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Ultra HD : Recommended
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Release Date: August 8th, 2023 Movie Release Year: 1973

Enter the Dragon - 4K Ultra HD Blu-ray

Overview -

Probably like most Bruce Lee fans, a big part of my love for the classic action flick Enter the Dragon is the nostalgia factor, the childhood memories of watching the movie on TV and hearing the legendary martial artist's signature "Wataah!" yell. Celebrating its 50th Anniversary, Warner Bros. brings the film to 4K Ultra HD with a top-notch HDR10 presentation, a highly entertaining Dolby Atmos track but sadly, a lackluster and disappointing assortment of bonus features. Nevertheless, this UHD edition is a Recommended addition for owners of the Blu-ray releases.

Five decades following his untimely death, Bruce Lee remains the movies' supreme martial arts star. His masterful final film, Enter The Dragon, stands the test of time as the most beloved martial arts epic in film history. This box office hit takes Lee to the island fortress of criminal warlord Han, whose martial arts academy covers up opium smuggling and prostitution activities. To avenge the death of his sister, Lee infiltrates the stronghold and enters Han's brutal tournament-a breathtaking visual feast of competitions fusing skills in karate, judo, tae kwon do, tai chi chuan and hapkido, staged by Lee himself. What a kick!

Special Features:

  • NEW Dolby Atmos audio track
  • TWO VERSIONS: Original theatrical version and special edition version
  • Introduction by Linda Lee Cadwell
  • Audio commentary by Paul Heller and Michael Allin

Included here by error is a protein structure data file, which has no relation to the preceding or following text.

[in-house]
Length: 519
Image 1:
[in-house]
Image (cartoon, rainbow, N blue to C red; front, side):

Rating Breakdown
Tech Specs & Release Details
Technical Specs:
Region Free
Video Resolution/Codec:
Aspect Ratio(s):
Audio Formats:
Spanish Dolby Digital 2.0
Special Features:
Release Date:
August 8th, 2023

Storyline: Our Reviewer's Take


A big part of my love for Lee's final film, Enter the Dragon, is really the nostalgia, the bittersweet memories I have of watching the classic martial arts actioner on television as a kid. I recall the movie playing like twice a year on a Sunday afternoon throughout the early and mid-80s. And every time it did, I just had to watch it, laying on my stomach in front of our Zenith wood cabinet TV and be mesmerized by the kickass action, as well as hear Lee's signature "Wataah!" yells. Funny enough, considering how often I've watched the movie, I always seem to forget that Lee's character is originally enlisted by British intelligence at the start of the movie to infiltrate Han's (Shih Kien) criminal operations. Yet, I've never forgotten about the subplot revealing that Han's bodyguard O'Hara (Bob Wall) is the man responsible for the death of Lee's sister, so I keep expecting this story to be a straightforward revenge tale, only to be pleasantly reminded that the script is bit more complicated than that. However, since childhood, I've always distinctly remembered the fight between John Saxon's Roper and Bolo Yeung, the cool and suave Jim Kelly's Williams and, of course, Han's three-knives prosthetic while going toe-to-toe against the unbeatable Bruce Lee inside the mirror room. Enter the Dragon is my most fondly remembered and beloved Lee movie.

For a full and more detailed review of the film, check out our review of the 40th Anniversary Ultimate Collector's Blu-ray Edition HERE.

Vital Disc Stats: The Ultra HD Blu-ray
Warner Home Video brings Enter the Dragon to Ultra HD Blu-ray with a Digital Copy code, which can be redeemed at WB.com and MoviesAnywhere, giving users access to the Special Edition in 4K Dolby Vision with Dolby Atmos audio. The triple-layered UHD100 disc contains both the 99-min theatrical version and the 103-min Special Edition cut. The single disc is housed in a black, eco-vortex case with a cardboard slipcover. At startup, viewers are taken to a generic static screen with the usual options along the bottom and music playing in the background.